Seanad debates

Thursday, 31 January 2019

An tOrd Gnó - Order of Business


11:25 am

Photo of Victor BoyhanVictor Boyhan (Independent) | Oireachtas source

I thank the Leader for the copy of the Order of Business we received this morning. Last Tuesday night, for those who do not know, the 64th annual general meeting of the Irish Farmers Association took place. The Taoiseach turned up and was received well, despite some commentary afterwards in the media. I echo what Senator Horkan has said. Over the coming weeks, if possible, we should have a number of debates that deal with sections of Brexit because the subject is so big and vast. Brexit is the greatest political challenge of our time. I particularly want to talk about agriculture. It is a time for cool heads and steely determination and I wish the Taoiseach well. I also compliment Senator Richmond, who chairs the Seanad committee on Brexit, on his very professional performances, particularly on British television. I have also seen him in other media. It is something the House can be proud of that a Senator is articulating a view and there is consistency in the Irish Government's approach. This is important.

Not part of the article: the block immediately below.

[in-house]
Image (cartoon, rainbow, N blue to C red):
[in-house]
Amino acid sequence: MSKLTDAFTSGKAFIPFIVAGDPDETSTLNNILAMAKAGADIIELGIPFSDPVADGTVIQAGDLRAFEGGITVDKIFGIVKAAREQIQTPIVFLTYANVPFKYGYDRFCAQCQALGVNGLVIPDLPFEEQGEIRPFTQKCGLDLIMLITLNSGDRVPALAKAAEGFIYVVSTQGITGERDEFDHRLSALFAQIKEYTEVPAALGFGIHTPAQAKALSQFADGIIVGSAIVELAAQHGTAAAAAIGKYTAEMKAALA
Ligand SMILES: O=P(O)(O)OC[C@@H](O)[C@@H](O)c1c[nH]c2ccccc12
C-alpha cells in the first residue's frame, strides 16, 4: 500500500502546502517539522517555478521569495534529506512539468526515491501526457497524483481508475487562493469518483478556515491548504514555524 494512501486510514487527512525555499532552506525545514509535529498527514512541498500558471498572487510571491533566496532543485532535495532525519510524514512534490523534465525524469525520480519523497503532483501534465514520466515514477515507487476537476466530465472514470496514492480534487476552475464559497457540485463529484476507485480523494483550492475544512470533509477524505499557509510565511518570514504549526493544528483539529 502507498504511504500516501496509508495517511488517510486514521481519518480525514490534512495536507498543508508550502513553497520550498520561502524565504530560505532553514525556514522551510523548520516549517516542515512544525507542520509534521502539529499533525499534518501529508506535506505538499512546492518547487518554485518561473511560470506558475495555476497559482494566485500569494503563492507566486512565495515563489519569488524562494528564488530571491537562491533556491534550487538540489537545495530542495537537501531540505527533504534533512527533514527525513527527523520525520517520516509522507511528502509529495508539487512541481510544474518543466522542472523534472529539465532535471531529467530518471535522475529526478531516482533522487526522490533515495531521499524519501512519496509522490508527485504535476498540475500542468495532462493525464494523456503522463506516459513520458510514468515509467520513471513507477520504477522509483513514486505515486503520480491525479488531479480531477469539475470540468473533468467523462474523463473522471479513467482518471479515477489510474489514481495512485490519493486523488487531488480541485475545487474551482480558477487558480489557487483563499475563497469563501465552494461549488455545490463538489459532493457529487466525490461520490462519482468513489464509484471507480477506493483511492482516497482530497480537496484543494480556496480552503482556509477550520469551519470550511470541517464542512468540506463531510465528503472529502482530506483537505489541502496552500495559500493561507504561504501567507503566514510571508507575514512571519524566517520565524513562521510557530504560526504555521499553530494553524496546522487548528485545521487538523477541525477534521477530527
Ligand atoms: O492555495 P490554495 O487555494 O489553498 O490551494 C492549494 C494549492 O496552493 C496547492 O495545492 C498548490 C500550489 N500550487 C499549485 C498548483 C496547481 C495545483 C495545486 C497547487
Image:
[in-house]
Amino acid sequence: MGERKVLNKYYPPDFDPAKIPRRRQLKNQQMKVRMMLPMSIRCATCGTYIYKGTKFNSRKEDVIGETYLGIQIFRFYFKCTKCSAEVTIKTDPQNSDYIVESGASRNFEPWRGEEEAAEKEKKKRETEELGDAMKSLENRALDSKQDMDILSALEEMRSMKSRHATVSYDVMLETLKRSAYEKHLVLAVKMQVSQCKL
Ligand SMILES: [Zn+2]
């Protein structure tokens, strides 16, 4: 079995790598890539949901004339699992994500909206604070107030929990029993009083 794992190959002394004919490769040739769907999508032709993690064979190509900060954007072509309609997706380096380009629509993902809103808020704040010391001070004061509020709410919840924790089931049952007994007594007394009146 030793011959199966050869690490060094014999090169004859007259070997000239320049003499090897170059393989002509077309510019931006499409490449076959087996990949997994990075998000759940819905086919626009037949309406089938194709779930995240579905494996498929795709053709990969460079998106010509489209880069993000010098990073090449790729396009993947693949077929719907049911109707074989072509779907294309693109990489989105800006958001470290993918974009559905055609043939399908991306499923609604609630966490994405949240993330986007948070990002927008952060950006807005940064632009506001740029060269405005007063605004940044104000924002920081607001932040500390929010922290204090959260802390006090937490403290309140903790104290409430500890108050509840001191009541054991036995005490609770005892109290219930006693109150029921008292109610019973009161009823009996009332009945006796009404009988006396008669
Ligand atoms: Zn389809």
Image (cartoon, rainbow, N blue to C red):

Irish farmers want unfettered and continued access to what effectively is 90% of their market in the UK. We need to develop new markets in Asia, China and throughout the world for beef, fish, horticulture and food. We need to address this and that is one of the modules I will suggest for our debates. The Leader plans to bring the Minister for Agriculture, Food and the Marine to the House to make statements and that will be important.

The IFA president, Joe Healy, stated it was important to keep pressure on London and that unless the UK adjusted its red lines and came forward with something better the backstop would remain. I am firmly of the view the backstop should remain regardless and I believe that is the Government's approach. Mr. Healy stated Irish farmers had suffered savage cuts and will continue to do so if there is a break away from Britain and that is clearly inevitable at this stage. We need to look at CAP reform because it will be very important. I call for a Brexit debate specifically on agriculture, horticulture and fisheries.

Yesterday, we had very good engagement with the Minister, Deputy Eoghan Murphy, on housing. He indicated to the House he did not have sufficient time to answer the questions he was asked. He also indicated to the House he would be keen to return. I hope that can be facilitated in the short term. It was a good engaging debate, and the Minister acknowledged this, but we did not have enough time. I ask for a slot at some stage in the very near future to facilitate the Minister so he can continue his response to Senators. It would not be to reopen the debate but to facilitate the Minister, as he did not have an opportunity to respond to a number of questions. It was a good and meaningful debate and I thank the Leader for organising it.


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